It is surprising how no one talks about Apple's logo - an apple minus one bite. The teacher's computer wears the logo of the oldest story from the dawn of time. When humans ate from the tree of Knowledge of Good and Evil, it was Adam and Eve who ate, but it is we who still seek knowledge today. The killer ap is not found on your iPod, iPhone, iPad, or iMac. The killer phone is not the Droid anymore than it was the Blackberry or Palm or Motorola Razor. There will always be more, but more is often less until we find contentment with the now. Put down the black Apple and don't bite.
The knowledge that lasts is knowledge of the eternal. A relationship with a phone is as short lived as your 2 year contract - like a selfish marriage you are eager that first year for pleasure and then ready to break it off early for the next thing. Refuse to be trained as a consumer and instead seek the eternal God. Put down techno toys for a day, turn them off when you get home. "Seek first the kingdom of God and everything else you need will take care of itself," said Jesus long ago (Matthew 6:33). When tempted to write an application that would provide instant food and nourishment, Jesus said this, "Humans do not exist by bread alone but by every word that is breathed from God's mouth" (Matthew 4:4).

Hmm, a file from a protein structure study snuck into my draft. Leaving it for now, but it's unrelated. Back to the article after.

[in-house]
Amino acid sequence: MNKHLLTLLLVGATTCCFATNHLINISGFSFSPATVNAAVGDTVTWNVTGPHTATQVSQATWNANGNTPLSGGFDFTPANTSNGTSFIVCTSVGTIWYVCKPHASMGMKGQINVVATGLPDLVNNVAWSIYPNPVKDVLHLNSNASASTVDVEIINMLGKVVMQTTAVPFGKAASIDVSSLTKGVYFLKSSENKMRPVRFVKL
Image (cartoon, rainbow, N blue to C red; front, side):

New motto: seek the eternal in the present moment and ignore the promises of things.
Monday, June 14, 2010
Does money make all of your decisions for you? Does if feel good when money either limits or advances you? I wonder if there are ways to live in this world that instead of rewarding the big boy on the block (the Universities of Nebraska, Texas, Oklahoma or the power on Wall Street or whomever) we find ways to take care of the left behinds. You know, those millions of people whose homes were foreclosed upon even as banks took in record profit from the "downturn." The smaller universities who have no television market. The small town stores and businesses squeezed out by profit making giants. Maybe we should make decisions about how we vote, spend money or even discuss political issues in a way that benefits more than our already successful team, party, economic class, or nation.